A health care reform proposal to repay the student loans of doctors who choose primary care could encourage more medical students to enter the field and help resolve the nation's projected shortage of primary care physicians, reports the Minneapolis Star Tribune.
Today, the number of primary care doctors accounts for a mere 35 percent of all practicing physicians, and this figure is rapidly declining. If lawmakers are unable to reverse this trend, the shortage of doctors is estimated to reach 40,000 in the next decade.
A report from the Robert Graham Center found that medical school debt and the projected income differentials between careers in primary care versus specialty care are driving factors in students choosing specialty track residency programs rather than selecting primary care. Philip Pizzo, MD, dean of the Stanford medical school, discussed the report and the shortage issue in a recent Dean's Newsletter.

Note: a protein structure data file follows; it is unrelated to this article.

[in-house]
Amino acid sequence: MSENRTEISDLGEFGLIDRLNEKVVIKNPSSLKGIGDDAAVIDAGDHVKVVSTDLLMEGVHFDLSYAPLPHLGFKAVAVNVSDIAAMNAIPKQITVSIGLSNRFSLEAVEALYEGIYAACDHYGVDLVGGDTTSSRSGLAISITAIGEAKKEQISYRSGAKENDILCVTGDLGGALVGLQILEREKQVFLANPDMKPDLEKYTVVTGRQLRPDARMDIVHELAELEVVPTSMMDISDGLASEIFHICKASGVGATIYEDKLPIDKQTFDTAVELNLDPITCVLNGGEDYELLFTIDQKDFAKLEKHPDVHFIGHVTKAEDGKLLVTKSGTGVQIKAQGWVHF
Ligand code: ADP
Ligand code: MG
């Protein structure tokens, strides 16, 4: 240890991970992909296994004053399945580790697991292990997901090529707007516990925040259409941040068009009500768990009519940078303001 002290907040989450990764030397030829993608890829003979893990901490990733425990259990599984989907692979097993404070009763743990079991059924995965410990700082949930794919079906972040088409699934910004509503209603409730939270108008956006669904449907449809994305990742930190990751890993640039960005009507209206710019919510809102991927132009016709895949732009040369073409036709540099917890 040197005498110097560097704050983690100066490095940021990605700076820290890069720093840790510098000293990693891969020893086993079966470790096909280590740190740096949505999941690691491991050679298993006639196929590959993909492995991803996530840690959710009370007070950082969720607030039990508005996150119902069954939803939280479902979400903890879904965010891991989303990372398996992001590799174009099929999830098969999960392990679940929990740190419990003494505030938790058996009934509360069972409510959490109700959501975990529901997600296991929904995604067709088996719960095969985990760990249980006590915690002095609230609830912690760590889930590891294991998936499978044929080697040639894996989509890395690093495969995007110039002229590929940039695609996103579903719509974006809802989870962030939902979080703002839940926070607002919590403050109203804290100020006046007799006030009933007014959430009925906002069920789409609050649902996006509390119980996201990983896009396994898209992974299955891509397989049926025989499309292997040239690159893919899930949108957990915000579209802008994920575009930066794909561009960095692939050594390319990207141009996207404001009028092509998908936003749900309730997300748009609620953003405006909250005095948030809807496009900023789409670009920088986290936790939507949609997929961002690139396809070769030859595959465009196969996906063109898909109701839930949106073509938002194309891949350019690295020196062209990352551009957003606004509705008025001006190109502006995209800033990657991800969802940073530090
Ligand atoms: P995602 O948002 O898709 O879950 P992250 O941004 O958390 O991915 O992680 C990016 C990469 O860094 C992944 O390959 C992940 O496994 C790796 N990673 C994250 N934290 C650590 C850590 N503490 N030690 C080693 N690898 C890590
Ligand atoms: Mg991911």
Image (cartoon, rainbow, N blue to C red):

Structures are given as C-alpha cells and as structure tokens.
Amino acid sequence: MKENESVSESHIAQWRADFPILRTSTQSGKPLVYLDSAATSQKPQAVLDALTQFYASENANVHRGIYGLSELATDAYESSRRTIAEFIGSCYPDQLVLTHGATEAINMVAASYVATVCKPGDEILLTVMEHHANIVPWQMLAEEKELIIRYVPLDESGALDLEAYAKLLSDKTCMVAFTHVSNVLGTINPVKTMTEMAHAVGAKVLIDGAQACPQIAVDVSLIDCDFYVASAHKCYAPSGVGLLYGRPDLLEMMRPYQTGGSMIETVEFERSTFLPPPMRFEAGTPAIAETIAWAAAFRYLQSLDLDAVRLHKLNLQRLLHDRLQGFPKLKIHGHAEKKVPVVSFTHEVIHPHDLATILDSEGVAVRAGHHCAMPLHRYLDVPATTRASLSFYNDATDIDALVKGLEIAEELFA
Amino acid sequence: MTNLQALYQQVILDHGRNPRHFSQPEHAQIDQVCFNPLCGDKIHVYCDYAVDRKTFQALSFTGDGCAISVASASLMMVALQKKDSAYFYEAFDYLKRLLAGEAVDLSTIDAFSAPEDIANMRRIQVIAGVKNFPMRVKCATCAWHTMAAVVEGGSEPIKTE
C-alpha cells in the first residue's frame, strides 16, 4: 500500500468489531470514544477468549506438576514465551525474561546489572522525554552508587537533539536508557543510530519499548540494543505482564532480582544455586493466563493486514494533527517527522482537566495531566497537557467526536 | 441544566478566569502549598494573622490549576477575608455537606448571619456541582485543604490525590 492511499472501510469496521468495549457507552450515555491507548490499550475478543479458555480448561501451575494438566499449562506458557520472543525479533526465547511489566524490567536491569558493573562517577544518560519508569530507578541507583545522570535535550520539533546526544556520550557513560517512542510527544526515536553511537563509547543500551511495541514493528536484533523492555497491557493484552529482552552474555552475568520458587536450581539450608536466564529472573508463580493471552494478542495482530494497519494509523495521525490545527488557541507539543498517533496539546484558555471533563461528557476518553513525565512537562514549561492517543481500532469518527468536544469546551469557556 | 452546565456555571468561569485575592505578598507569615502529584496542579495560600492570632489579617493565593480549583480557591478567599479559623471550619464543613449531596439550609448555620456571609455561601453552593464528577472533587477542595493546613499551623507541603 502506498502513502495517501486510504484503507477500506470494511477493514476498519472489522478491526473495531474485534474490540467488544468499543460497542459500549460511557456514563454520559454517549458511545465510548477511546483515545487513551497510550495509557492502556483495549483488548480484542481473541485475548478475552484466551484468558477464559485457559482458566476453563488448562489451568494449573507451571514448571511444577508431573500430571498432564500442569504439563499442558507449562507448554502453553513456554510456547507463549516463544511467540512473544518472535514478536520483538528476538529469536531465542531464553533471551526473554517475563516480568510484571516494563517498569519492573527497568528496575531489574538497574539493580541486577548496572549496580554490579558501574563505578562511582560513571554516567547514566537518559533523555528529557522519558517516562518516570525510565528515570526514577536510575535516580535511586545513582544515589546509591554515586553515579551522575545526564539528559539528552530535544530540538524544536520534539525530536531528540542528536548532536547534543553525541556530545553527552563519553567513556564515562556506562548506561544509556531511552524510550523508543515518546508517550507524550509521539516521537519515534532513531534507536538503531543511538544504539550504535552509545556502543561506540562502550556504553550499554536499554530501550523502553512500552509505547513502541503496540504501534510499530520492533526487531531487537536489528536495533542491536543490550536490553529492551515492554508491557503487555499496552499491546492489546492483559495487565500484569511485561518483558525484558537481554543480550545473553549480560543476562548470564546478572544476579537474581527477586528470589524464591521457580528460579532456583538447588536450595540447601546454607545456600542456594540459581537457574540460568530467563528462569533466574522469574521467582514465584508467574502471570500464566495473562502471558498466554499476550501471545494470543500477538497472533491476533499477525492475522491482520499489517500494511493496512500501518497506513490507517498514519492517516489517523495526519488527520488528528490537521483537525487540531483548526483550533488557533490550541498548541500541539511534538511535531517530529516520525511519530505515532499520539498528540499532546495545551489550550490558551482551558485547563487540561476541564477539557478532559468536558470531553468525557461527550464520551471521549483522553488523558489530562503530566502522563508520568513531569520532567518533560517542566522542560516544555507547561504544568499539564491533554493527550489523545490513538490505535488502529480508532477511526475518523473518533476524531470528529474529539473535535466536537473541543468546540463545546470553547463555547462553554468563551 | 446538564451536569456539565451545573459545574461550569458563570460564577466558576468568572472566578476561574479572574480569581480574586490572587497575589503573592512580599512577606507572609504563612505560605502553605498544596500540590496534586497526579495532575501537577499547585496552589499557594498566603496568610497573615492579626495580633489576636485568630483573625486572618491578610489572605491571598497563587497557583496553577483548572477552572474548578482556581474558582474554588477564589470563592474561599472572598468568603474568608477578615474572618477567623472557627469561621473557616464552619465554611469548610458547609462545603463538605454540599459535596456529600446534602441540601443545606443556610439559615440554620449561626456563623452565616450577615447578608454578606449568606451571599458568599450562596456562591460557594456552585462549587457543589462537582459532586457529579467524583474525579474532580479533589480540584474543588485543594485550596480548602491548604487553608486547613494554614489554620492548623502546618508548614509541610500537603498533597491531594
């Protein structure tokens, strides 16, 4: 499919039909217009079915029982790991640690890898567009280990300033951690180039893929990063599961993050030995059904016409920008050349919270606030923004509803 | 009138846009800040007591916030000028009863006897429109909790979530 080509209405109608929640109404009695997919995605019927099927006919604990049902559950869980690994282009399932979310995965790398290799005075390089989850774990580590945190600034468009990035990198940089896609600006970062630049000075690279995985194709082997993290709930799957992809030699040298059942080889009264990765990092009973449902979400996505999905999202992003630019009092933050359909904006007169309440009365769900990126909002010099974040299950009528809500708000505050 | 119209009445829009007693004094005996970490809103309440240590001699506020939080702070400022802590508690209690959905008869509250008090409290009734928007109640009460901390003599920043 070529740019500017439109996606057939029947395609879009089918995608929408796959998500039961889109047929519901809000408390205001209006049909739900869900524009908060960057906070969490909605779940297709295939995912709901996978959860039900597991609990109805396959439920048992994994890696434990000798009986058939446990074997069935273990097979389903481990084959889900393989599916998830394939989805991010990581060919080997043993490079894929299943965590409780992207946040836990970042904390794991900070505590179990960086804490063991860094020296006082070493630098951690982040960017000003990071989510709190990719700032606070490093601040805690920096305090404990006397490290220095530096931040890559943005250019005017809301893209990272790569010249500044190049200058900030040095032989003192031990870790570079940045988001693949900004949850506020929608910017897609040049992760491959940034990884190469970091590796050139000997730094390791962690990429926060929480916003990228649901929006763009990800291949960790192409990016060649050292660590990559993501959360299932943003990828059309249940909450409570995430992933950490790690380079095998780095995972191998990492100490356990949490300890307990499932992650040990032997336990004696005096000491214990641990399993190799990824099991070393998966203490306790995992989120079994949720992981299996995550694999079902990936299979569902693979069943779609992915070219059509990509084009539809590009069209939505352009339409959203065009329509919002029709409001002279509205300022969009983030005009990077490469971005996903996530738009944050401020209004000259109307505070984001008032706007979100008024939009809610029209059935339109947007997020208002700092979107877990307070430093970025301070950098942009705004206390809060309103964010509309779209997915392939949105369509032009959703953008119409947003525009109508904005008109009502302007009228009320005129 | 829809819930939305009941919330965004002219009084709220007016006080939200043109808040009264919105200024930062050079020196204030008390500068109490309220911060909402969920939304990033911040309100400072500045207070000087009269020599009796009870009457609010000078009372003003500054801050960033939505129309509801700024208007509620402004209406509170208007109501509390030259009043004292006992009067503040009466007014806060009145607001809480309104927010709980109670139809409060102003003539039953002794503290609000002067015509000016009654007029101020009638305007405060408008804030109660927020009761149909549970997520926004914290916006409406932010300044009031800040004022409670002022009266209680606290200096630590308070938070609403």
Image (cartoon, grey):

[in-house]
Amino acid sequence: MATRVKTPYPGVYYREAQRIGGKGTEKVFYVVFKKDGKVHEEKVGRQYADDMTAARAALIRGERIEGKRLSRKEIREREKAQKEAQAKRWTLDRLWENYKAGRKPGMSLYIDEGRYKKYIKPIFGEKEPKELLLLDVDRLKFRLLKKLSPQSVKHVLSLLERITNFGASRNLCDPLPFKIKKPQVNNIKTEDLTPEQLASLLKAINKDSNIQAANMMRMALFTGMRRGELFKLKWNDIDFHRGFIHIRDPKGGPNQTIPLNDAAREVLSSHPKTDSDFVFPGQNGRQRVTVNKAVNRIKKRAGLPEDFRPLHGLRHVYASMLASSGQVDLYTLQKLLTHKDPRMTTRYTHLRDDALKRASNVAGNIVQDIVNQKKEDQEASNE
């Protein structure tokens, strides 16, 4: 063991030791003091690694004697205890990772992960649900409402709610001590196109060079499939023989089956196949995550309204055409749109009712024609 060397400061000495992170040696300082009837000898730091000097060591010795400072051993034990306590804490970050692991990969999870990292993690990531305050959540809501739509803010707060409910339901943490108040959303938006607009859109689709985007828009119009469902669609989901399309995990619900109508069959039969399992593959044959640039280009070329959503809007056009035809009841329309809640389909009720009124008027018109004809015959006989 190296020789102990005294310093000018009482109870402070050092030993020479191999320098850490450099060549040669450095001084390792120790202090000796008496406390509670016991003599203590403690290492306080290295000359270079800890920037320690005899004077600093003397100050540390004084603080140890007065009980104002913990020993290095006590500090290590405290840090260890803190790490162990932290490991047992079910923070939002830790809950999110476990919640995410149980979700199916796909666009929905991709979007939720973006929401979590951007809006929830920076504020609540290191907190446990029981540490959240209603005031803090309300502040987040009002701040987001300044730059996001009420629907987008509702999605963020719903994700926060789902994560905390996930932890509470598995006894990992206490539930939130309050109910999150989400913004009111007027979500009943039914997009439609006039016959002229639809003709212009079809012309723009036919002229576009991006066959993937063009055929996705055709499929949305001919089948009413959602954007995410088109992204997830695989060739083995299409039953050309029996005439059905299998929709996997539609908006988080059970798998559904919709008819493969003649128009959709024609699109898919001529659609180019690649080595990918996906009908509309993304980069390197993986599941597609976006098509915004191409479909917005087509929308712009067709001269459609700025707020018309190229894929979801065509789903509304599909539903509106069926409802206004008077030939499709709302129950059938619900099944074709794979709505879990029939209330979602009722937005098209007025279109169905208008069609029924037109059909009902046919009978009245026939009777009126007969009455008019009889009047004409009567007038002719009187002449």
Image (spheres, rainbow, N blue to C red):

On average, medical school graduates owe $137,000, and primary care fields pay half as much as specialties. The health care reform provision would provide up to $50,000 of loan forgiveness for primary care providers who serve at least five years, or three years in a medically underserved area.
Still, some medical experts question the effectiveness of the loan repayment plan and other options currently being discussed in fixing the doctor shortage problem.